source: sasmodels/sasmodels/models/triaxial_ellipsoid.py @ 0507e09

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Last change on this file since 0507e09 was 0507e09, checked in by smk78, 3 months ago

Added link to source code to each model. Closes #883

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1# triaxial ellipsoid model
2# Note: model title and parameter table are inserted automatically
3r"""
4Definition
5----------
6
7.. figure:: img/triaxial_ellipsoid_geometry.jpg
8
9    Ellipsoid with $R_a$ as *radius_equat_minor*, $R_b$ as *radius_equat_major*
10    and $R_c$ as *radius_polar*.
11
12Given an ellipsoid
13
14.. math::
15
16    \frac{X^2}{R_a^2} + \frac{Y^2}{R_b^2} + \frac{Z^2}{R_c^2} = 1
17
18the scattering for randomly oriented particles is defined by the average over
19all orientations $\Omega$ of:
20
21.. math::
22
23    P(q) = \text{scale}(\Delta\rho)^2\frac{V}{4 \pi}\int_\Omega\Phi^2(qr)\,d\Omega
24           + \text{background}
25
26where
27
28.. math::
29
30    \Phi(qr) &= 3 j_1(qr)/qr = 3 (\sin qr - qr \cos qr)/(qr)^3 \\
31    r^2 &= R_a^2e^2 + R_b^2f^2 + R_c^2g^2 \\
32    V &= \tfrac{4}{3} \pi R_a R_b R_c
33
34The $e$, $f$ and $g$ terms are the projections of the orientation vector on $X$,
35$Y$ and $Z$ respectively.  Keeping the orientation fixed at the canonical
36axes, we can integrate over the incident direction using polar angle
37$-\pi/2 \le \gamma \le \pi/2$ and equatorial angle $0 \le \phi \le 2\pi$
38(as defined in ref [1]),
39
40 .. math::
41
42     \langle\Phi^2\rangle = \int_0^{2\pi} \int_{-\pi/2}^{\pi/2} \Phi^2(qr)
43                                                \cos \gamma\,d\gamma d\phi
44
45with $e = \cos\gamma \sin\phi$, $f = \cos\gamma \cos\phi$ and $g = \sin\gamma$.
46A little algebra yields
47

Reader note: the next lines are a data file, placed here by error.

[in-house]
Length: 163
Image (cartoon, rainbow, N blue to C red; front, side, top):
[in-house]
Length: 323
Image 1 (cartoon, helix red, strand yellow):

48.. math::
49
50    r^2 = b^2(p_a \sin^2 \phi \cos^2 \gamma + 1 + p_c \sin^2 \gamma)
51
52for
53
54.. math::
55
56    p_a = \frac{a^2}{b^2} - 1 \text{ and } p_c = \frac{c^2}{b^2} - 1
57
58Due to symmetry, the ranges can be restricted to a single quadrant
59$0 \le \gamma \le \pi/2$ and $0 \le \phi \le \pi/2$, scaling the resulting
60integral by 8. The computation is done using the substitution $u = \sin\gamma$,
61$du = \cos\gamma\,d\gamma$, giving
62
63.. math::
64
65    \langle\Phi^2\rangle &= 8 \int_0^{\pi/2} \int_0^1 \Phi^2(qr) du d\phi \\
66    r^2 &= b^2(p_a \sin^2(\phi)(1 - u^2) + 1 + p_c u^2)
67
68Though for convenience we describe the three radii of the ellipsoid as equatorial
69and polar, they may be given in $any$ size order. To avoid multiple solutions, especially
70with Monte-Carlo fit methods, it may be advisable to restrict their ranges. For typical
71small angle diffraction situations there may be a number of closely similar "best fits",
72so some trial and error, or fixing of some radii at expected values, may help.
73
74To provide easy access to the orientation of the triaxial ellipsoid,
75we define the axis of the cylinder using the angles $\theta$, $\phi$
76and $\psi$. These angles are defined analogously to the elliptical_cylinder below, note that
77angle $\phi$ is now NOT the same as in the equations above.
78
79.. figure:: img/elliptical_cylinder_angle_definition.png
80
81    Definition of angles for oriented triaxial ellipsoid, where radii are for illustration here
82    $a < b << c$ and angle $\Psi$ is a rotation around the axis of the particle.
83
84For oriented ellipsoids the *theta*, *phi* and *psi* orientation parameters will appear when fitting 2D data,
85see the :ref:`elliptical-cylinder` model for further information.
86
87.. _triaxial-ellipsoid-angles:
88
89.. figure:: img/triaxial_ellipsoid_angle_projection.png
90
91    Some examples for an oriented triaxial ellipsoid.
92
93The radius-of-gyration for this system is  $R_g^2 = (R_a R_b R_c)^2/5$.
94
95The contrast $\Delta\rho$ is defined as SLD(ellipsoid) - SLD(solvent).  In the
96parameters, $R_a$ is the minor equatorial radius, $R_b$ is the major
97equatorial radius, and $R_c$ is the polar radius of the ellipsoid.
98
99NB: The 2nd virial coefficient of the triaxial solid ellipsoid is